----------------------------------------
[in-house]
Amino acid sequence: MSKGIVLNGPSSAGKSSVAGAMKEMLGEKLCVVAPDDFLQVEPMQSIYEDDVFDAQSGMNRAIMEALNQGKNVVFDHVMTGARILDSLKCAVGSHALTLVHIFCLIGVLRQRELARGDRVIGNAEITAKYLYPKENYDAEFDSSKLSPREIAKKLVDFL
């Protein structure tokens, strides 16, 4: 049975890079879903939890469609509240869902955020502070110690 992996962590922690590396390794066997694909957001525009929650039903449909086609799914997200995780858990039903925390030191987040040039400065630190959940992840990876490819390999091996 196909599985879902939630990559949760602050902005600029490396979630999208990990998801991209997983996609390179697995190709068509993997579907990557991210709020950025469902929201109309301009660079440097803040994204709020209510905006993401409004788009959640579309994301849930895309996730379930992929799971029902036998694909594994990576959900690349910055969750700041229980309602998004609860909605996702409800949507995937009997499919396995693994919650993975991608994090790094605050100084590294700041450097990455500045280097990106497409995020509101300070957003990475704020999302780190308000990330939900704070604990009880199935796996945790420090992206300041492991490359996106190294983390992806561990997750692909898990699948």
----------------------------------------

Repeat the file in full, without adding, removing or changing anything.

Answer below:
[in-house]
Amino acid sequence: MSKGIVLNGPSSAGKSSVAGAMKEMLGEKLCVVAPDDFLQVEPMQSIYEDDVFDAQSGMNRAIMEALNQGKNVVFDHVMTGARILDSLKCAVGSHALTLVHIFCLIGVLRQRELARGDRVIGNAEITAKYLYPKENYDAEFDSSKLSPREIAKKLVDFL
């Protein structure tokens, strides 16, 4: 049975890079879903939890469609509240869902955020502070110690 992996962590922690590396390794066997694909957001525009929650039903449909086609799914997200995780858990039903925390030191987040040039400065630190959940992840990876490819390999091996 196909599985879902939630990559949760602050902005600029490396979630999208990990998801991209997983996609390179697995190709068509993997579907990557991210709020950025469902929201109309301009660079440097803040994204709020209510905006993401409004788009959640579309994301849930895309996730379930992929799971029902036998694909594994990576959900690349910055969750700041229980309602998004609860909605996702409800949507995937009997499919396995693994919650993975991608994090790094605050100084590294700041450097990455500045280097990106497409995020509101300070957003990475704020999302780190308000990330939900704070604990009880199935796996945790420090992206300041492991490359996106190294983390992806561990997750692909898990699948």